18. Dynamic functional imaging of brain glucose utilization using fPET-FDG

    DOE PAGES

    Villien, Marjorie; Wey, Hsiao-Ying; Mandeville, Joseph B.; ...

    2014-06-14

    We report that glucose is the principal source of energy for the brain and yet the dynamic response of glucose utilization to changes in brain activity is still not fully understood. Positron emission tomography (PET) allows quantitative measurement of glucose metabolism using 2-[18F]-fluorodeoxyglucose (FDG). However, FDG PET in its current form provides an integral (or average) of glucose consumption over tens of minutes and lacks the temporal information to capture physiological alterations associated with changes in brain activity induced by tasks or drug challenges. Traditionally, changes in glucose utilization are inferred by comparing two separate scans, which significantly limits themore » utility of the method. We report a novel method to track changes in FDG metabolism dynamically, with higher temporal resolution than exists to date and within a single session. Using a constant infusion of FDG, we demonstrate that our technique (termed fPET-FDG) can be used in an analysis pipeline similar to fMRI to define within-session differential metabolic responses. We use visual stimulation to demonstrate the feasibility of this method. Ultimately, this new method has a great potential to be used in research protocols and clinical settings since fPET-FDG imaging can be performed with most PET scanners and data acquisition and analysis are straightforward. fPET-FDG is a highly complementary technique to MRI and provides a rich new way to observe functional changes in brain metabolism.« less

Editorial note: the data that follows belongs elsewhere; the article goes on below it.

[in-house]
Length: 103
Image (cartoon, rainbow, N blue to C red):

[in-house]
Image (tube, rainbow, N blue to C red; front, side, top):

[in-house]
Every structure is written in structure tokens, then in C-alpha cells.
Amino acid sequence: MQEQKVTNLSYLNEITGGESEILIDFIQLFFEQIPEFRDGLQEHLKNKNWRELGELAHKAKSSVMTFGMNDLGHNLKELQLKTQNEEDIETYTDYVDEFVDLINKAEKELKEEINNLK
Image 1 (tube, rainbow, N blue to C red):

19. Dynamic Functional Imaging of Brain Glucose Utilization using fPET-FDG

    PubMed Central

    Villien, Marjorie; Wey, Hsiao-Ying; Mandeville, Joseph B.; Catana, Ciprian; Polimeni, Jonathan R.; Sander, Christin Y.; Zürcher, Nicole R.; Chonde, Daniel B.; Fowler, Joanna S.; Rosen, Bruce R.; Hooker, Jacob M.

    2014-01-01